Advance-deposit ratio now within regulatory limits

The average advance-deposit ratio (ADR) of private banks came down within the regulatory limit in September last year after going past the ceiling in April, thanks to adequate liquidity.

The ratio came down to 84.38 percent in September from 86.23 percent in April, according to Bangladesh Bank data.

Currently, banks are required to maintain an ADR of 85 percent, meaning they can lend Tk 85 against a deposit of Tk 100.

In January last year, the BB slashed the ADR by 1.5 percentage points to 83.5 percent in a bid to tighten banks' capacity to lend. The ratio for Shariah-based banks was cut to 89 percent from 90 percent.

The new rate comes into effect from March this year.

Eleven private banks had their ADR above the authorised limit in September, against 22 lenders in April, central bank data showed.

The number of the non-compliant banks dropped after the central bank cut down the cash reserve requirement (CRR) by 1 percentage point to 5.5 percent – a move that has freed up about Tk 20,000 crore for banks to lend.

Bankers have recently urged the central bank to give them more time to adjust to the new ADR or withdraw it as the liquidity pressure started to deepen after the election.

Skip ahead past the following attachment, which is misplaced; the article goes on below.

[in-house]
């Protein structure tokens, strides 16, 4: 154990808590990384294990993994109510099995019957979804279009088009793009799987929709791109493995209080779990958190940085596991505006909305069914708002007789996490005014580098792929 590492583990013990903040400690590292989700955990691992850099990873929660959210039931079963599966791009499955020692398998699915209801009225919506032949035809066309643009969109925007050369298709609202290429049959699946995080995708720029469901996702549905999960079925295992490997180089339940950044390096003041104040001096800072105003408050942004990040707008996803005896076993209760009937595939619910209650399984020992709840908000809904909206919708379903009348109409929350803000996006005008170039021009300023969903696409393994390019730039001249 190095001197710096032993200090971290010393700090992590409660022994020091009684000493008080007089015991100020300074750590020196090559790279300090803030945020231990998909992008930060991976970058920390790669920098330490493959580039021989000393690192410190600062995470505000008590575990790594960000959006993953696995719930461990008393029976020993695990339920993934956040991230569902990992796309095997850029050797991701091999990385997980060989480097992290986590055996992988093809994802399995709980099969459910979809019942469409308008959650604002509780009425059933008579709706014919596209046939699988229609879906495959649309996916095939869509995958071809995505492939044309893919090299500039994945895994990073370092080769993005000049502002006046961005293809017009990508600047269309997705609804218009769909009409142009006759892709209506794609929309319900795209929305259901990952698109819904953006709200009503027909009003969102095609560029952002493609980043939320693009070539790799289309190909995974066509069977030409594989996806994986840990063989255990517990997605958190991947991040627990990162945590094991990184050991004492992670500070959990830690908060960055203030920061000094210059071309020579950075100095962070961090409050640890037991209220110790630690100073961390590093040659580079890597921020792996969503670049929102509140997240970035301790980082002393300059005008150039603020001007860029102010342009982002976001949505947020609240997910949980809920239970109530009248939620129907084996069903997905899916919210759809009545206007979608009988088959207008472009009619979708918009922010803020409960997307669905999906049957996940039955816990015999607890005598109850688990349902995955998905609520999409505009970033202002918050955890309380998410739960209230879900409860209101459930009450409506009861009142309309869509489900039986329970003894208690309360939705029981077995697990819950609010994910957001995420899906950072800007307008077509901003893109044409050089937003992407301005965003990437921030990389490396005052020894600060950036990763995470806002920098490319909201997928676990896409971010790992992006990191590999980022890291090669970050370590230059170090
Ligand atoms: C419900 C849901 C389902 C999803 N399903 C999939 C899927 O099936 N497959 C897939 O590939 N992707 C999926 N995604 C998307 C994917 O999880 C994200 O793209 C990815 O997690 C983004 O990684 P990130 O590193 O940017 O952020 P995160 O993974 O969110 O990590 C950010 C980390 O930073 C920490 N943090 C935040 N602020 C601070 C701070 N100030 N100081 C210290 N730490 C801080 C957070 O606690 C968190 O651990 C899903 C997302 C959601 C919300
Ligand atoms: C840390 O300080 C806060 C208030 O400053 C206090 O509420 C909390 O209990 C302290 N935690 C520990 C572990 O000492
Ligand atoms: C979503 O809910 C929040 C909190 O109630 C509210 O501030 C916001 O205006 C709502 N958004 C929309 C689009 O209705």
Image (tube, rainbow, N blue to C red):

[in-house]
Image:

The demand was placed at a consultation meeting of the BB with the stakeholders over the next monetary policy to be unveiled tomorrow for the January-June period. “We have requested the central bank to extend the time as it will be difficult for us to maintain the new limit amid a huge liquidity pressure,” said Anis A Khan, managing director of Mutual Trust Bank. He said the lending rate has moved upward after the December 30 election due to the rising credit demand amid expanding business activities.

“Private banks are now in a liquidity crunch because of an imbalance in deposit distribution,” he said.

The major portion of deposits has remained with state-run banks whereas private banks are in the driving seat when it comes to lending, according to Khan. The liquidity pressure had eased for several months from June last year due to the availability of funds after the CRR relaxation.

But the market has been facing a tight liquidity from the beginning of January, said Rahel Ahmed, managing director of Prime Bank.  “Maintaining the new ADR will be a challenge for banks this year as the credit demand from both private and public sectors will be high.”

Ahmed said the ADR came down because of a sharp fall in the credit demand before the election.

The credit growth for private banks fell to 14 percent in September from 19 percent in April, according to BB data.

The 11 private banks whose ADR remained above the authorised limit were AB, Exim, Farmers, First Security, Modhumoti, Mercantile, National, NRB, Social Islami, Shahjalal Islami, and Union Bank.



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